Trudeau also said authorities would “get to the bottom” of the attack.
“Such senseless violence has no place in Canadian society,” he said. “To the more than one million Canadians who profess the Muslim faith, I want to say directly: we are with you; 36 million hearts are breaking with yours.”
Trudeau planned to travel to Quebec City later Monday.
In Quebec, Couillard said the attack had hit all Quebecers hard.
“All Quebecers are united in the solidarity we express today,” he said. “Our society is a very open, tolerant and hospitable one, but we are not different from other societies, we have the same devils, xenophobia, racism…we should not be complacent in our society.”
Quebec has had to contend in recent years with a controversial debate over race and religious accommodation. The previous separatist government of the province called for a ban on ostentatious religious symbols such as the hijab in public institutions.
The mosque targeted in the attack said in a statement posted on its Facebook page late Sunday that it was grateful for the many messages of compassion it had received.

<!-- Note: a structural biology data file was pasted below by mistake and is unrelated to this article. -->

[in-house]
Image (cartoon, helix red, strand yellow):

It is not the first time the mosque has been a target of threats. Last summer, a gift-wrapped pig’s head was placed at the entrance to the building.
Authorities said the six men killed in the shooting were between the ages of 39 and 60. Of the 19 people injured — also all men — two remained in critical condition on Monday, hospital officials said.
As the mosque community grappled with what had happened, some who knew those who died began sharing details of the victims.
A local imam said one of those killed, Soufiane, was a grocer, butcher and father of three. The imam said the longtime Quebec City resident often helped newcomers to the provincial capital.
Soufiane’s store — Epecerie-Boucherie-Assalam — was closed Monday, with a bouquet of flowers and a single rose resting against the front door.
A second victim was identified by a friend.